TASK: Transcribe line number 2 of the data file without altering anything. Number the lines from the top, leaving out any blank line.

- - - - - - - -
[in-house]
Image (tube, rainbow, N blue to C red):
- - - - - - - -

Image (tube, rainbow, N blue to C red):